4. Fake news. The 2010s also became a battleground for the truth. Suddenly, in the true Orwellian sense, language became a thing to cleave us from a shared reality. We have yet to find a way to escape the specter of tribalism and division that’s risen up like Yeats’ rough beast. As authoritarians have long known, if you sow enough doubt and confusion among the masses, you can divide and conquer. Today’s leaders know the value of devaluing media’s worth — they know Facebook and Twitter feeds have risen like many-headed hydras to whisper sweet ugly nothings to the receptive.

In the service of disinformation, other terms have also arisen:

• Alternative facts (Orwellian doublespeak at its best)

• Deepfakes (increasingly sophisticated video morphs that blur even further our grip on reality)

• Gaslighting (that tendency to push an alternative narrative, even in the face of irrefutable data. It’s why we’re all on edge, for instance, when a presidential spokesman claims there’s no “traffic crisis,” just a traffic “situation”).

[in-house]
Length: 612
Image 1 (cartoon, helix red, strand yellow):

5. Woke. Along with our fixation on the self, another trend of the decade was awareness. (It’s sad to read that sentence back, like “awareness” is the latest phone app.) Enter the “woke” generation, certain they’ve got a firm grip on the elusive lines of good and bad, right and wrong, black and white. We applaud them for taking up the struggle where others now merely shrug their shoulders. (Ok, boomer.) Along with the wokeness came “cancel culture” — the tendency for a generation to turn its back on those who go against the wokeness. (Talking to you, Louis CK, Dave Chappelle, et al.)